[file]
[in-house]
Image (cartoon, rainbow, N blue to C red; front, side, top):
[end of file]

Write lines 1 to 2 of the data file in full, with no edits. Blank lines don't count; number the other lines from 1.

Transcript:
[in-house]
Image (cartoon, rainbow, N blue to C red; front, side, top):